Friday 14 November- Agios Pavlos to Frangokastello and Amoutsa Beach (26 km) 

Friday’s conditions are windless and there’s barely a ripple on the water. We paddle the 5 km stretch know as Trapezia (means tables and is so named because of the table like rocks jutting out of the exposed reef which are narrow at the bottom and wide at the top). After we make a quick stop at Marmara beach (a beach with caves and smooth rocks that resemble marble) and then paddle another 3 km round Cape Moures to the seaside village of Loutro, where Russ bases his kayak business from in the summertime. Here we ascend the stairs towards one of the hotels, Oasis, where George, Russ’s business partner awaits with cold drinks and coffee. The Oasis is a charming hotel towards the top of the village which commands an impressive view of the entire village as well as the bay.  Here we spend an hour or so enjoying the view and charging cell phones.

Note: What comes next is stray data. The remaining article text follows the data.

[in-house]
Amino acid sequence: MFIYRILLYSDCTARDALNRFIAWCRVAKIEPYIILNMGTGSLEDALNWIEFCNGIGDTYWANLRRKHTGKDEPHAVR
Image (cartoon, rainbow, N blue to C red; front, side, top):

It’s only 5 km to the famous town of Hora Sfakion where we’ll resupply at and also where we would have ended the expedition at would we have started from Xania. Along the way there are a few caves that we paddle into, as well as a few beautiful beaches, such as Glyka nera (Sweetwater beach), so named because of the fresh water that bubbles out from the seafloor and also into manmade wells dugout along the beach. A few km later we take a break in Hora Sfakion to resupply and eat a late lunch. Its getting late in the day and we’ve only paddled 15 km so far, but we still decide we have enough daylight left to make it a little further.  The sea is completely flat as we paddle away from Hora Sfakion and turn east towards Frangokastelo. Rod pulls out his GPS while we are underway to see how fast he can paddle his kayak over a sustained distance and manages to get up to 10 km. Pat Keeling also gives it a go and comes close. This is pretty amazing and I’m impressed, as this is only her third kayaking trip, she had told us earlier in the week. We stay about a ˝ km off shore and we all get pretty spread out afterwards, sometimes with almost a kilometer between some of us, but with such weather there is no worries. With about 4 km to go to Frangokastelo we all begin to close the gaps between us and at the same time we quicken the pace, each person reacting off of the next, until we are all sprinting to reach the fortress first. It’s a great way to end the day. Once we reach Cape Frangokastello, we paddle way around the reef system that extends out into the sea, and then continue on to Amoutsa bay where we will camp. Amoutsa is about a 1.5km long beach that has sand dunes flowing down onto it from the road that runs above it. As we arrive at the beach the sun is just setting, giving everyone just enough time to set up camp and take a sea bath. It seems hard to believe that we’ve already paddled for a week and that tomorrow will be the last day of paddling for the group.